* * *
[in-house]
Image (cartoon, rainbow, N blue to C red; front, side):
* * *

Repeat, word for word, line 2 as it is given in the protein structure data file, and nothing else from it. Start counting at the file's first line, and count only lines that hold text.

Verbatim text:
Image (cartoon, rainbow, N blue to C red; front, side):